In recent days, the Boston Globe’s website, Boston.com, posted its annual slide slow of an advice column, “How to Cut 1,000 Calories from Thanksgiving.”
The Globe has included this feature in its virtual Turkey Day section for many years, hoping to assure those watching their weight that fully enjoying the fourth Thursday of November and blowing a giant hole in one’s diet are not mutually dependent phenomena.
Allow me to save you a few precious seconds and reveal this magical waistline-preserving secret right here and now: If you wish to eat less food on Thanksgiving, eat less food on Thanksgiving.
I jest not. To quote directly from one of the slides: “Instead of piling on a full cup of mashed potatoes on your plate, consider scooping only half as much.” From another: “Instead of covering your plate with 6 ounces of a combo of white and dark [turkey] meat with skin, consider taking only 3 ounces of meat and leaving the fatty skin in the roasting pan with the rest of the grease.”
Smaller portions? Less fat? Genius! Why didn’t I think of that?
In fairness, the Globe also offers slightly more sophisticated tips for reigning yourself in, such as stir-frying the veggie casserole instead of dousing it with fried onion rings. But the takeaway message is the same: The trick to eating well is eating well.
If this insight comes as breaking news to a significant portion of America’s weight loss community, then it’s no wonder our country is so irretrievably fat.
However, I suspect this is not the case. The truth is that all who are serious about scaling themselves down know exactly how to do it: Eat less, exercise more. Period, full stop. It works every time and never lets you down.
The only mystery involves summoning the willpower to do so, and then to keep it up for the rest of your life.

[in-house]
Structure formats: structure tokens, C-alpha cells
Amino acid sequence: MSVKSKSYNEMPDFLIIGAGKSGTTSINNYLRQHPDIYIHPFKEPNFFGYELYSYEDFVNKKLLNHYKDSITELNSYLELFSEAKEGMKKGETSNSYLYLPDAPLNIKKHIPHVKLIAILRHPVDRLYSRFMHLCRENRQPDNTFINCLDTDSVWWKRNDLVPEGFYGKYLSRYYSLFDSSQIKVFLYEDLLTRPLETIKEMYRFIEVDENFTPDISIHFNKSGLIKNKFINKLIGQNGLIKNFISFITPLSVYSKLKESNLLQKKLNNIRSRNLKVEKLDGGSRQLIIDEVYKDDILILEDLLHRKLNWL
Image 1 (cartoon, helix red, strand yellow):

Accordingly, Thanksgiving indeed presents as a singular conundrum. Apart from its more noble components, the whole point of this most American of holidays is to gorge ourselves into a blissful stupor simply because we can.
Yes, pretty much all of our annual national festivals involve an unholy assortment of culinary treats of one kind of another. But Thanksgiving is unique in its insistence on gobbling up every last bit of it and licking the plate when you’re done. The feast isn’t a mere side show; it’s the main event.
And that makes a real difference for those who make a point of avoiding exactly that.
It’s bad enough for a dieter to be overwhelmed by a bottomless buffet of hearty holiday helpings. But to be all but ordered by one’s culture—and by relatives across the table—to dive in until it’s all gone? Well, the psychological odds are not in your favor.
Your humble servant is certainly no exception. I walked into last year’s family gathering determined, as ever, to keep my cravings under control. Then out came the chips, the ale, the stuffing, the casseroles, the fruit salads—each new dish more impossibly sumptuous than the last—and all my defenses vaporized on contact. At dessert, one whiff of my cousin’s homemade sweet potato pie and all hell broke loose.
In short, the effort at moderation was futile. The fact is, Thanksgiving is not the time for restraint or self control. Thanksgiving is about gluttony and excess and that’s just the way it is.
If, like me, you are simultaneously preoccupied with maintaining a slim figure yet utterly powerless in the face of fragrant culinary temptations, my Thanksgiving Day prescription is to give up. To abandon any possibility of awakening on Black Friday without a rounded tummy and a splitting headache. To relax and roll with the tide. Some traditions simply cannot be fought.
And if, like the Globe’s target audience, you truly wish to deduct 1,000 calories from your Thanksgiving budget, might I suggest plucking out five days on either side of November 28, and consuming 200 fewer calories on each.
Then on Thanksgiving itself, you may proceed exactly as you were going to all along, without a moment of hesitation or guilt.
That’s what the holidays are all about. You can have your turkey and eat it, too.